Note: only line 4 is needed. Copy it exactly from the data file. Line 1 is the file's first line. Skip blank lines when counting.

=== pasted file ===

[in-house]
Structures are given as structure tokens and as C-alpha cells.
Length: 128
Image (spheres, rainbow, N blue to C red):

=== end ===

Image (spheres, rainbow, N blue to C red):